As a student, I once sat in a Rome trattoria and watched an American couple work themselves into a head-shaking lather at the management's inability to supply them with a bottle of ketchup. More than a quarter-century later, reporting from the United States for a British newspaper, I have this nagging feeling that in a world of increasingly shared values, Europeans and Americans still don't get it about one another.

This is not to say that the values we share, or the aims for which we have sometimes fought as allies, cannot or do not ultimately transcend things like the mutual disbelief in that trattoria over the bottle of ketchup. By and large, and on the big issues, they do.

But on the more elusive everyday questions that make up most of life--from the way we think about food, to the way we think about health and violence and perhaps even science--it is striking how often Americans and Europeans can find themselves, not so much at odds, as simply looking down different ends of the telescope.

"Those who only know one country, know no country," social scientist Seymour Martin Lipset wrote in his study of American exceptionalism, and it is remarkable how tenaciously true this judgment remains, even amid a process of economic and political globalization, which tries to persuade us that national differences are old-fashioned and that to draw attention to them is to commit a form of modern apostasy.

It is no accident that the issue of food has already reared its head. Over the past few months, while Europeans and Americans have stood more or less shoulder to shoulder in the fight for human rights and self-determination in the Balkans, these same allies have simultaneously been engaged in an increasingly acrimonious argument over what we consume.

Most Americans give barely a moment's thought to the genetic modifications that have been applied to the food of which they eat so much. Yet the hormone-enhanced steaks and the biotech-improved vegetables that to Americans seem almost routine have roused European populations to genuine anger and protest this year. So strong have been the feelings in Britain, for instance, that Tony Blair's government, normally respectful of public opinion, was forced to retreat, under attack from all parties, from its perceived indifference to genetically modified food. Meanwhile, throughout continental Europe, especially in Germany and the Netherlands, where Green politics are rooted and strong, protesters have ensured that the issue of importing genetically modified foods--much less the foods themselves--is not even on the table, thus forcing talk of a transatlantic trade war.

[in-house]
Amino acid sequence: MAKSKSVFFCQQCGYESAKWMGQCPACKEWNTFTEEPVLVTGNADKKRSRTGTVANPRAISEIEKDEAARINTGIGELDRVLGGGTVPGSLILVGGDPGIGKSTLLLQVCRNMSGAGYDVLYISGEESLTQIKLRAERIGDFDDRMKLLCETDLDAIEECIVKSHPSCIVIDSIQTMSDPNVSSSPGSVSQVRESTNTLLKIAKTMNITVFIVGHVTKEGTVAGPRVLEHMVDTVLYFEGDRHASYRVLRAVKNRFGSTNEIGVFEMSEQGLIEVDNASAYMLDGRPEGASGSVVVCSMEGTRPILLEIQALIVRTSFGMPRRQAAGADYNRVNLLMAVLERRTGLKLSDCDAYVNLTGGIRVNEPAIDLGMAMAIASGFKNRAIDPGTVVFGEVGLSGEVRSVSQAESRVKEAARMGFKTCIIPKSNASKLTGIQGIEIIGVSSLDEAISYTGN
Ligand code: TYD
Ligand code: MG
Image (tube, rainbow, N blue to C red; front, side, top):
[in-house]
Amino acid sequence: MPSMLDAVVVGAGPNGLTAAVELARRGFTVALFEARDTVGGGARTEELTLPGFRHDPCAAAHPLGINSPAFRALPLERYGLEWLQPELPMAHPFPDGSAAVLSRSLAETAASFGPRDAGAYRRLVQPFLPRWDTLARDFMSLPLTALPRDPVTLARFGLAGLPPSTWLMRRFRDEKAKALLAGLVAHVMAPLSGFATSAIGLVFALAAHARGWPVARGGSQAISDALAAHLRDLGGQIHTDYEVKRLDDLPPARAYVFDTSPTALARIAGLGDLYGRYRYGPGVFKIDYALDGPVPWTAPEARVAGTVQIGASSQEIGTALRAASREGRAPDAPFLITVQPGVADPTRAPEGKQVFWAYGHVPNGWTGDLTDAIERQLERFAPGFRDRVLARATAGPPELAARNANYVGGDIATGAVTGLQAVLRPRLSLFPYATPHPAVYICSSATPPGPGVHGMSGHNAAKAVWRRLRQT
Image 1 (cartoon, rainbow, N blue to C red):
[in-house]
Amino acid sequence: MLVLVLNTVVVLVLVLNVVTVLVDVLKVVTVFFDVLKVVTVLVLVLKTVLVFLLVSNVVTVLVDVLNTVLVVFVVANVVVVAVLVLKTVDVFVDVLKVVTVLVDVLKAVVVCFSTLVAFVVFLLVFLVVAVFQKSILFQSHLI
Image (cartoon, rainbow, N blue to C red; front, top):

Part of this argument is simply good old-fashioned political posturing, with governments on both sides of the ocean squaring off on behalf of their agricultural interest groups before hammering out the latest compromise, over cold towels and hot coffee, in a familiar all-night bargaining session.

But it would be a mistake to see this dispute as merely routine political bravado. From the earliest times, human societies were defined by their food rituals, and food remains to this day not merely the staff of life but the very stuff of cultural identity and difference. For two centuries, French life has marched to the dictates of Revolutionary-era laws governing the making and the price of bread. In Germany, the nation's self-image is intimately bound up in the ancient purity legislation in the brewing industry. Spain is inseparable, in its own mind, from its ancient maritime fishing rights. Even in Britain, a nation not celebrated for its food, any threat to daily bottled milk delivery and the size of a pint beer glass can touch deep ancestral chords.